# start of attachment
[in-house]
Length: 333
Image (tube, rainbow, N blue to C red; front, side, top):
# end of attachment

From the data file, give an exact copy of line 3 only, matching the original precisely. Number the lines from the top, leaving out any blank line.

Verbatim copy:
Image (tube, rainbow, N blue to C red; front, side, top):